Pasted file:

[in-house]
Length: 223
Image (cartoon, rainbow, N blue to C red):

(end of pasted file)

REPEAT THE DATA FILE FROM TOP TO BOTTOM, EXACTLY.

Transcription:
[in-house]
Length: 223
Image (cartoon, rainbow, N blue to C red):